Katharina Fritsch, Heart with Money and Heart with Wheat, 1998–99, plastic, aluminum, resin, and paint, 26' 2 1/4“ x 13' 1 1/8”.

Katharina Fritsch, Heart with Money and Heart with Wheat, 1998–99, plastic, aluminum, resin, and paint, 26' 2 1/4“ x 13' 1 1/8”.

Katharina Fritsch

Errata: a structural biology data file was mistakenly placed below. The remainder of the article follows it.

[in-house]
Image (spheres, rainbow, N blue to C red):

To begin, a niggly question: When painting or sculpture is labeled “uncanny,” what is actually being claimed? Katharina Fritsch’s image world—of effigies and doubles, skulls and spooks, votive figures and völkisch motifs—has fixed her work in this explanatory frame; the term “uncanny” is often used to describe her art, and words like “unsettling,” “dark,” and “threatening” abound in the literature accompanying her Tate retrospective. Freud’s 1919 paper is fairly precise about the defining effects of uncanny narratives and occurrences: Loosening rationality’s grip, they permit repressed mental formations (primitive animism, infantile narcissism, castration anxiety, the death drive) to return, triggering panic, a paranoid impression of being menaced by unseen presences, and so on. In short, Freud is interested in uncanny anxiety because it exceeds the scale of aesthetic sensation and measures as hysterical symptom. Visual art can provoke physical reactions, no doubt about it: maybe shaky feelings of shock, or nausea, or (let’s be more cheerful) sexual arousal. But can gallery objects really induce sweaty anxiety in their viewers, as a yarn by M.R. James or a scary movie might? Could an encounter with Fritsch’s work make a normally rational adult imagine that a polyester skeleton in a lab coat (see Fritsch’s Doctor, 1999) or a giant plastic rodent (see Man and Mouse, 1991–92) or a posse of black plaster poodles (see Child with Poodles, 1995–96) are inexplicably out to get her? Freud concludes his study by noting that a tale needs more than just the presence of particular motifs to give readers the heebie-jeebies, a point not lost on Anthony Vidler in The Architectural Uncanny (1992). Uncanniness, Vidler stresses, is not a property of space (or, by extension, of specific objects or imagery) but a mental state of projection in which the boundaries of the real and unreal start to wobble. Narratives, as noted, can induce this slippage, but things—buildings, paintings, sculptures—have a second-order relationship to it; they emblematize rather than cause uncanny anxiety.